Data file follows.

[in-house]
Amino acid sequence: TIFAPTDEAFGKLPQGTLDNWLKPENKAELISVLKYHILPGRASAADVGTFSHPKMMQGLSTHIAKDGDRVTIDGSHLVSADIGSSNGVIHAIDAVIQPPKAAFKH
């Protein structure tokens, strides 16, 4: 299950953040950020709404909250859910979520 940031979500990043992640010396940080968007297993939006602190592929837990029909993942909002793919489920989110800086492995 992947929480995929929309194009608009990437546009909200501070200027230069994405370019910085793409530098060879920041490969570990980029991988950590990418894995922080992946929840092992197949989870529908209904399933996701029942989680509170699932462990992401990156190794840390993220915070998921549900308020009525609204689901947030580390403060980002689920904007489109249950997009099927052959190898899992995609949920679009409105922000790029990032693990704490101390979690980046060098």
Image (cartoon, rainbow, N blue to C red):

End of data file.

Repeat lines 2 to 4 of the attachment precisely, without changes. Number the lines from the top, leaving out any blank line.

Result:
Amino acid sequence: TIFAPTDEAFGKLPQGTLDNWLKPENKAELISVLKYHILPGRASAADVGTFSHPKMMQGLSTHIAKDGDRVTIDGSHLVSADIGSSNGVIHAIDAVIQPPKAAFKH
């Protein structure tokens, strides 16, 4: 299950953040950020709404909250859910979520 940031979500990043992640010396940080968007297993939006602190592929837990029909993942909002793919489920989110800086492995 992947929480995929929309194009608009990437546009909200501070200027230069994405370019910085793409530098060879920041490969570990980029991988950590990418894995922080992946929840092992197949989870529908209904399933996701029942989680509170699932462990992401990156190794840390993220915070998921549900308020009525609204689901947030580390403060980002689920904007489109249950997009099927052959190898899992995609949920679009409105922000790029990032693990704490101390979690980046060098």
Image (cartoon, rainbow, N blue to C red):